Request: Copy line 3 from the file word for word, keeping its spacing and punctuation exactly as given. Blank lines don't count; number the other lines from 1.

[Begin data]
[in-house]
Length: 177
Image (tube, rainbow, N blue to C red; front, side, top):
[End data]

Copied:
Image (tube, rainbow, N blue to C red; front, side, top):